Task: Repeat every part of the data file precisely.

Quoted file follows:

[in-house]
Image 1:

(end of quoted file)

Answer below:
[in-house]
Image 1: